"Honey bees are vegetarians. Nectar and pollen collected from flowering plants are the entrees on their dinner plates. Bees harvest the nectar and convert the sugary liquid to honey, the insects’ primary source of carbohydrates. Honey provides the bees with the energy for flight, colony maintenance, and general daily activities.
Pollen, often called “bee bread,” is the bees’ main source of protein. Pollen also provides the bees with fatty acids, minerals, and vitamins. The protein in pollen is necessary for hive growth and young bee development.
Depending on the season, weather, and availability of nectar- and pollen-bearing blossoms, the size of a honey bee colony varies from 10,000 to 100,000 bees. A typical size colony, made up of about 20,000 bees, collects about 125 pounds of pollen per year.1 Bees carry the pollen in specialized structures on their hind legs called “pollen baskets,” or corbiculae (meaning “little baskets” in Latin). A honey bee can bring back to the colony a pollen load that weighs about 35 percent of its body weight.
In a single day, one worker bee makes 12 or more trips from the hive, visiting several thousand flowers. On these foraging trips, the bee can travel as far as two to five miles from the hive. Although honey bees collect pollen from a variety of flowers, a bee limits itself to one plant species per trip, gathering one kind of pollen.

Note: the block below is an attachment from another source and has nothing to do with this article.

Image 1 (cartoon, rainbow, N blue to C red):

Honey bees are not native to the New World. Most crops grown in the U.S. aren’t New World natives either. Both the crops and the bees evolved together in other areas of the globe, and were brought here by European settlers. Information suggests that the first honey bee colonies arrived in the Colony of Virginia from England early in 1622.
Today, the commercial production of more than 90 crops relies on bee pollination. Of the approximately 3,600 bee species that live in the U.S., the European honey bee2 (scientific name Apis mellifera) is the most common pollinator, making it the most important bee to domestic agriculture. About one-third of the food eaten by Americans comes from crops pollinated by honey bees, including apples, melons, cranberries, pumpkins, squash, broccoli, and almonds, to name just a few. Without the industrious honey bee, American dinner plates would look quite bare."
"One out of every three bites of food in the United States depends on honey bees and other pollinators. Honey bees pollinate $15 billion worth of crops each year, including more than 130 fruits and vegetables. Managed honey bees are important to American agriculture because they pollinate a wide variety of crops, contributing to food diversity, security and profitability."
Natural Resources Conservation Service